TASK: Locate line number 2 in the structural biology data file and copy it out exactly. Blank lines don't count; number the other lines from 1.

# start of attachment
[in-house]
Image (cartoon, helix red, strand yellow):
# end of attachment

Image (cartoon, helix red, strand yellow):